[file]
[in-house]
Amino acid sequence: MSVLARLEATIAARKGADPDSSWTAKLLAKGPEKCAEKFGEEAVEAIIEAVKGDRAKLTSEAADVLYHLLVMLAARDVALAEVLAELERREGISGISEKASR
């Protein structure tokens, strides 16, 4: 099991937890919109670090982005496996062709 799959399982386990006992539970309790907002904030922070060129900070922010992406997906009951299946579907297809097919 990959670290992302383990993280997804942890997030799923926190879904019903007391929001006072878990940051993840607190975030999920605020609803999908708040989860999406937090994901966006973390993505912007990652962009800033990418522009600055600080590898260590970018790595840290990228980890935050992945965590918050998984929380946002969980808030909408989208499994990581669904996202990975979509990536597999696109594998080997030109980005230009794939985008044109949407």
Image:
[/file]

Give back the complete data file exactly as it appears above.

[in-house]
Amino acid sequence: MSVLARLEATIAARKGADPDSSWTAKLLAKGPEKCAEKFGEEAVEAIIEAVKGDRAKLTSEAADVLYHLLVMLAARDVALAEVLAELERREGISGISEKASR
């Protein structure tokens, strides 16, 4: 099991937890919109670090982005496996062709 799959399982386990006992539970309790907002904030922070060129900070922010992406997906009951299946579907297809097919 990959670290992302383990993280997804942890997030799923926190879904019903007391929001006072878990940051993840607190975030999920605020609803999908708040989860999406937090994901966006973390993505912007990652962009800033990418522009600055600080590898260590970018790595840290990228980890935050992945965590918050998984929380946002969980808030909408989208499994990581669904996202990975979509990536597999696109594998080997030109980005230009794939985008044109949407």
Image: